Natalie Moran, 'Be With You'
The song is included on the musician's new EP, Ambitious Desire. A vibrant dance anthem, 'Be With You' has an energetic beat and Natalie's powerful, distinctive vocals. It's a snappy, feel-good track with a zestful tone, ready to take to the dancefloor. The Dubliner has made an impact with previous singles 'Can You feel It?', 'Ain't Nothing Gonna Stop' and 'My Ambition', channeling Dua Lipa, Becky Hill, Lady Gaga and Ava Max.
“This debut EP embodies the times that pushed me to pursue music and the experiences the journey have brought me, rather be it a time that challenged me to grow or the want to thrive on my biggest desires and ambitions," Moran describes of Ambitious Desire. I wanted the EP to include these important moments and resemble them in both lyrics and song ambience and offer a balance of all different variations of my songwriting. I loved the idea that the EP covers what led me to where I am and it excites me for what is next”.
Really Good Time, 'Really Good Song'
The cheeky Dublin outfit is made up of former members of Dublin band Beach/Fat Pablo and electronic producer Diolmhain Ingram Roche, AKA Wastefellow. Self-described as the capital's "hottest post-crunk apré-garde super group,” Really Good Time are in a totally unique sonic world. Pixies, LCD Soundsystem, Viagra Boys, krautrock and art-rock all influence the band, with 'Really Good Song' following fellow 2022 single 'Afternoon Tea'. Opening with wailing lo-fi guitars in the distance that sound like a siren, before Diolmhain Ingram Roche's kick everything off to the sound of a prominent guitar riff that harks to Gilla Band and IDLES. With surrealist lyrics, Roche's vocals dance around guitar riffs and an intense drum beat drop, rather than the other way around. "I should be having a good time," he declares. "Man, are you having a good time?" We sure are.
Áine Deane, 'World's Most Famous Mistake'
Based in London, singer/songwriter Áine Deane has familial connections in Monaghan, Cavan and Mayo. The 22 year old singer-songwriter began her career whilst in her final year studying at university. Spending time writing and uploading original songs from her bedrooml, her videos grew a following of hundreds of thousands of followers, and in true fairytale-fashion attracted the likes of Sam Smith, Ed Sheeran and Little Mix to repost her videos to their fans. Since graduating, Áine has gone on to release her debut projecy The Handmedowns EP, tour with James Bay and sold out her first headline show in London. Supporting Sam Smith at the Royal Albert Hall, Deane's path is fast progressing.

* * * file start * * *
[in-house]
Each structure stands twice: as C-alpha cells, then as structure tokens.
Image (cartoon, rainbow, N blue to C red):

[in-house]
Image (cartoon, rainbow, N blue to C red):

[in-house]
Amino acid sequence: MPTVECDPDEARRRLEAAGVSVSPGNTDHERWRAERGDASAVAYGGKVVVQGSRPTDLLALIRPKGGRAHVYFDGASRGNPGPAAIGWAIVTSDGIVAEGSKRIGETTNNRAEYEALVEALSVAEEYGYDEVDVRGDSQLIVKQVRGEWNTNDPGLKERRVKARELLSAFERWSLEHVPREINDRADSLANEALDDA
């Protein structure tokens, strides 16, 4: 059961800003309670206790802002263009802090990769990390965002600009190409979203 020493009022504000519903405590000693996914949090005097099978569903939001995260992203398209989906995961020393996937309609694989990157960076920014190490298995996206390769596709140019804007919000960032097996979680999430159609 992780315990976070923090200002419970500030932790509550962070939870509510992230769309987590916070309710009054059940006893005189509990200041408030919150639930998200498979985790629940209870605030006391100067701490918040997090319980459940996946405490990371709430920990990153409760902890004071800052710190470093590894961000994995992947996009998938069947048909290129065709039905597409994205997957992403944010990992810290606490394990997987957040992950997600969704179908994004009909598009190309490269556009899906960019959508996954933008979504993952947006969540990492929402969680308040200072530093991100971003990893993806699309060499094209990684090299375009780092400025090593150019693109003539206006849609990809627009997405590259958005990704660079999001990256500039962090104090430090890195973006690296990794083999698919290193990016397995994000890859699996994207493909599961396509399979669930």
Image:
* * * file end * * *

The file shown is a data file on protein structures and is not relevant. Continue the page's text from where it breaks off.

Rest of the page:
'World's Most Famous Mistake' is all pop vulnerability and direct lyrics for young women her age, in true Swiftie fashion. "Two years too late/should have known better from the start/shouldn't have stayed, but I believed you in the car/when you said, 'One day we'd grow old'/but all that glitters is not gold," she starts. It echoes the work of Orla Gartland and dodie, with a dash of guilty pleasure country-pop goodness.
Bog Bodies, 'I Caught Her Eye'
The band's new album Reclaim the Ritual lands on Samhain, November 1. The infectious, danceable groove on focus track 'I Caught Her Eye' is driven by Dan Maher’s expert playing of the Jaw Harp (or “Jews Harp”), an ancient and mysterious instrument found on almost every continent. The track features Bog Bodies’ very own Ciara O’Donnell on lead vocals, singing in mystical 'Light Language'. The lyrics’ literal meaning may be cryptic, but the melody is arresting and her spiritual intention is deeply felt. Opening with a clip stating that "some time ago, all the men were animals", an explosion of unusual sonic instruments immediately capture the ear. The heavy folk outfit from the banks of the Shannon always do the unexpected, so we're excited to hear what the soaring, intense new album holds.
Vocally influenced by Adele and lyrically inspired by the likes of Julia Michaels, Crybabyamy is all about pure pop with all the feelings. 'Validation' is an anthem for young people struggling with the vicious cycle of putting your phone down and picking it up again. It marks her first release since inking a major publishing deal with BMG and was written and recorded at home before receiving additional production from UK producer Rob Milton (Holly Humberstone, Easy Life, The 1975)
"Validation is a song about being obsessed with the attention we get from posting and being on social media!" Crybabyamy says. "I see it as an anthem for young people, who are going through the motions of having a love/hate relationship with social media, I know I struggle with the vicious cycle of picking up my phone and putting it down again. Always chasing validation!"